Flash video n' related stuff
I had the privilege to present a session earlier this week at the FlashBelt conference in Minneapolis. It was my third year in a row being a part of this fantastic conference that is a labor of love for its organizer, Dave Schroeder. I had to leave the conference early this year, so I missed a lot of the social mixers and, most notably, the keynote that has unfortunately cast a pall on this year’s conference. (See http://bit.ly/PY4ty for all the gory details.)
Because I feel I know Dave well, and I was one of the female speakers at this conference, I feel the need to weigh in.
I’ve been speaking at tech conferences for several years now, often as one of only two or three female speakers. So I’ve experienced my share of misogyny, but also of proactive inclusiveness. I’ve had the perennial conversation with many of the conference organizers: “How do we get more women involved?!” They all say they can’t find females who are willing to stand up and speak. It is truly a chicken-and-egg problem. It stands to reason that a woman may not want to show up, let alone speak, if she feels she’ll be putting herself out there to be disrespected or objectified. It’s not easy being a woman in a field dominated by men, and in some cases, boys.
I know Hoss. I’ve presented at conferences he’s been a part of several times. And, yes, he does seem to get a pass. “Aw, yeah, that’s just Hoss…” I’ve heard that more than once. To that point, let me share a couple of personal experiences I’ve had interacting with him.
My first encounter with Hoss was at the conference where I presented for the first time, with my female business partner. The sessions had just let out and there was a rush for the elevators. My partner and I were the last to get into a crowded elevator, and Hoss was the next in line. We squeezed back to make room for him, and he got a big grin and shouted to everyone within earshot… “Yeaaaah, I’m ridin’ with the LADIES!” and proceeded to press himself against us. We were of course disgusted and embarrassed, but as first-time speakers we didn’t want to make too much of a fuss. As women so often feel they have to do in business, we snickered and laughed it off. And just kept our distance.
The next time I crossed paths with him was a couple of weeks ago at another conference. Again, I was in an elevator, but this time I was there with my husband and 7 month old daughter. I had mentioned the previous elevator experience to my husband, so he was surprised when a quiet, respectful Hoss got in, nodded to me and smiled at our baby. We had a short conversation and he was on his way. This is the “teddy bear” Hoss that Dave refers to in his public apology, one that has a daughter of his own. (Based strictly on this interaction, who would have guessed he was on his way to show off his “orgasmatron”?)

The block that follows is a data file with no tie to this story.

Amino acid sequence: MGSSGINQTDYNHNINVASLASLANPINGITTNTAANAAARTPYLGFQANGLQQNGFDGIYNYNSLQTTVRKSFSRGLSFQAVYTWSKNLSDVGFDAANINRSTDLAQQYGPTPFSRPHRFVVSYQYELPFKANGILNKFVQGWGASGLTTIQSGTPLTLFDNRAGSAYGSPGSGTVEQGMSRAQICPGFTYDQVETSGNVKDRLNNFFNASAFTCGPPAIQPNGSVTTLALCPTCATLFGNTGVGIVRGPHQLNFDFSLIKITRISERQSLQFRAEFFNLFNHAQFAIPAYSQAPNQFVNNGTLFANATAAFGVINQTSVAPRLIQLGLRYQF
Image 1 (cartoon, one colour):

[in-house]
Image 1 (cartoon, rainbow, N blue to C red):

So, yes, Dave should have been aware of the tone and content of Hoss’ presentation prior to inviting him to speak. But not for a second do I believe he would consciously condone discrimination, objectification, or abuse of a female attendee or speaker. I had to bring my daughter with me to this year’s conference and he bent over backwards to make things easy for us (you don’t see many babies at tech conferences, believe me). FlashBelt has always been the most gender-inclusive conference of its kind. I honestly believe that the reason this was sparked at THIS conference was primarily BECAUSE there were so many women in attendance. It would truly be a disservice to single out FlashBelt as “the” sexist conference. Dave has a big heart, and he just got a big lesson in trusting those who he thinks of as friends.
I tell you all this not to ratchet up the buzz, but to hopefully become part of a bigger solution. This stuff is always under the surface. The women know it; the men know it. It’s incidents like this that can raise consciousness, help trigger action and foster change. Let’s hope that’s the real take-away from this year’s FlashBelt.
If anyone has ideas to bring about a more gender-blind Flash community, please bring ‘em on. It’s 2009, already!